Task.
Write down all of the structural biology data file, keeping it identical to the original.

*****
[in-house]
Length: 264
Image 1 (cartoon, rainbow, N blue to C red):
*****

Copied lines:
[in-house]
Length: 264
Image 1 (cartoon, rainbow, N blue to C red):